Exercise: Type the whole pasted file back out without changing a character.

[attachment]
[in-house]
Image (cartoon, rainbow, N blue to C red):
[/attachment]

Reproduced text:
[in-house]
Image (cartoon, rainbow, N blue to C red):